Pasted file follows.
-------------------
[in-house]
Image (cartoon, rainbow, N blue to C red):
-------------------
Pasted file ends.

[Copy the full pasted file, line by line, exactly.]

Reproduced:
[in-house]
Image (cartoon, rainbow, N blue to C red):